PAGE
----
Yet the success of Villeneuve’s Dune duology emanates from no single story beat or theme, but rather the collective tapestry they weave. While the general gist of the story is simple, both films retain a novelistic structure and texture, making room for fascinating vignettes and detours like the scholarly pursuits of Princess Irulan (Florence Pugh), the astute daughter of Walken’s emperor and a Bene Gesserit in training who has her own suspicions. There is also her weirding sister Lady Margot Fenring (Léa Seydoux), who is sent to the Harkonnens’ home world to inspect the next generation of that family. And, indeed, the most magnetic new addition to the mythos is the Baron’s hitherto unknown nephew and heir apparent, a reptilian Austin Butler as Feyd-Rautha.

Introduced as a cosmic riff on Gladiator’s Commodus, Feyd celebrates his birthday by slaughtering handicapped and drugged prisoners of war in a monochrome arena. He also literally feeds underlings to his vampiric paramours. It’s a big black hat that the former Elvis actor wears like a debauched rockstar who’s gone feral. In a film filled with showy performances, this is the star turn.

But the real star, again, is not any single piece but the impressive whole Villeneuve weaves. In fact, despite the film’s nearly three-hour length, there is not enough time to fully explore every curious nook and cranny. We personally could have spent a lot more time with Lady Jessica’s increasingly ambiguous machinations and her relationship with a still unborn daughter. However, when it’s the overarching vision which compels, this becomes more virtue than sin.

Like the first volume of Villeneuve’s Dune, Part Two sharply chooses to imagine a future with a deep wealth of history. Despite existing in a tomorrow where interstellar travel is possible, this cinematic telling embraces the fact that Herbert’s universe is one married to the old ways, be it through feudal fiefdoms or how folks are still fighting, dying, and drilling for special resources to make their vehicles go vroom. There is a weight and tactility to the film that emphasizes stone and wood as much as sleek metal and glistening chromatic surfaces. The emperor’s spaceship tellingly looks like a cross between a Pokéball and something Natalie Portman would’ve used in the Star Wars prequels. But on Arrakis, the Fremen’s customs and sacred temples have the scent of antiquity about them. It’s a veritable playground for production designer Patrice Vermette and costume designer Jacqueline West, the latter of whom extrapolates medieval couture from a story of princesses and dukes, and sand-swept madness in tales of religion and the desert.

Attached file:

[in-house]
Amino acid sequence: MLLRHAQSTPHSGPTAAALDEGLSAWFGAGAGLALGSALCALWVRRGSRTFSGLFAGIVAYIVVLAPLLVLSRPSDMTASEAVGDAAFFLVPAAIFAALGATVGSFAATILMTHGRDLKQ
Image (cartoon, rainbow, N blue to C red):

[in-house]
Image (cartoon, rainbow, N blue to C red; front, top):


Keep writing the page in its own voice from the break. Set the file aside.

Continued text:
Villeneuve captures all of this on the vastest scale, losing himself in sandy seas, as well as the most aloof or sinister of details. Viewers are never told why exactly the Baron has a steady stream of dead young bodies in his quarters, or what exactly it means when a pregnant woman drinks from the bodily fluids of a great sandworm. The specificity of things can go by unexplained because their cumulative, overwhelming effect is the point. The film is a feverish dream of another world that feels as real and elusive as sand slipping through your fingertips. It’s not entirely knowable, but the impression you’re left with is that you have been transported to a bleak, oppressive fantasia. It’s a place one would never want to be, and yet you do not want to leave.

That such an uncompromising vision could be made as a modern blockbuster, and that something so ultimately chilling (even with all that sun) will be embraced by a global audience, is fascinating. This is the kind of monumental moviemaking that has beguiled audiences since the dawn of cinema, but Villeneuve has spiced his vintage with a madness befitting Paul, the voice from the outer world.

Dune: Part Two opens on March 1.

The post Dune 2 Review: Denis Villenuve Makes the Bleakest Sci-Fi Masterpiece in the Galaxy appeared first on Den of Geek.